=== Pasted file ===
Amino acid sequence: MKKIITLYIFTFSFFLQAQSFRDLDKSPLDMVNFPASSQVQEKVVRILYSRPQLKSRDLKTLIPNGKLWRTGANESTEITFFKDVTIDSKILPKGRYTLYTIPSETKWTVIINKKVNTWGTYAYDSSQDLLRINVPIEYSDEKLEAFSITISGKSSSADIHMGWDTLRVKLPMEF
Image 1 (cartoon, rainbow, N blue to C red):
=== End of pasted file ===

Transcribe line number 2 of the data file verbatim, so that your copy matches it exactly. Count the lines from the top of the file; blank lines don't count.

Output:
Image 1 (cartoon, rainbow, N blue to C red):